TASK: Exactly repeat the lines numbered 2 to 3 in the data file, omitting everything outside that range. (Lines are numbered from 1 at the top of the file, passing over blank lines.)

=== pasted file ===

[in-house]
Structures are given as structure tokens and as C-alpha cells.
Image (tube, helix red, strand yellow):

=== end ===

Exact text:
Structures are given as structure tokens and as C-alpha cells.
Image (tube, helix red, strand yellow):